Results of 2011 Toxics Release Inventory Revealed

According to the EPA’s annual Toxic Release Inventory (TRI), air pollutants continue to decrease while toxic chemicals seem to be on the rise.

The annual TRI provides citizens with vital information about their communities by collecting information on certain toxic chemical releases to the air, water, and land, as well as information on waste management and pollution prevention activities by facilities across the country. TRI data are submitted annually to EPA, states, and tribes by facilities in industry sectors such as manufacturing, metal mining, electric utilities, and commercial hazardous waste facilities.

“The Toxics Release Inventory provides widespread access to valuable environmental information. It plays a critical role in EPA’s efforts to hold polluters accountable and identify and acknowledge those who take steps to prevent pollution,” said EPA Administrator Lisa P. Jackson. “Since 1998, we have recorded a steady decline in the amount of TRI chemicals released into the air, and since 2009 alone, we have seen more than a 100 million pound decrease in TRI air pollutants entering our communities. This remarkable success is due in part to the TRI program and concerted efforts by industry, regulators and public interest groups to clean up the air we all depend upon.”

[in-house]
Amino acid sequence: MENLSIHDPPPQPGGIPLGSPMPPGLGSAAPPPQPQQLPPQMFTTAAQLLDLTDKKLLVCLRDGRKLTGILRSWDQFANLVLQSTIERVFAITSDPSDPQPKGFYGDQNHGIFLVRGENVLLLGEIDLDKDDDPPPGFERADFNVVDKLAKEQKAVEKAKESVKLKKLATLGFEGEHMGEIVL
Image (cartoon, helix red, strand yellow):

Among the HAPs showing decline were hydrochloric acid and mercury, most likely due to the installation of control technologies at coal fired power plants and a shift to other fuel sources. Releases into surface water decreased 3 percent and releases to land increased 19 percent since 2010. Many of the releases from TRI facilities are regulated under various EPA programs and requirements designed to limit harm to people’s health and the environment.

The 2011 TRI data show that 4.09 billion pounds of toxic chemicals were disposed of or released into the environment, an 8 percent increase from 2010. The difference is mainly due to increases in land disposal at metal mines, which typically involve large facilities handling large volumes of material.

EPA has improved this year’s TRI national analysis report by adding new information about facility efforts to reduce pollution, insights into why air releases are declining, and an enhanced analysis of releases on tribal lands. With this report and EPA’s web-based TRI tools, citizens can access information about TRI-listed toxic chemical releases in their communities and across the country.

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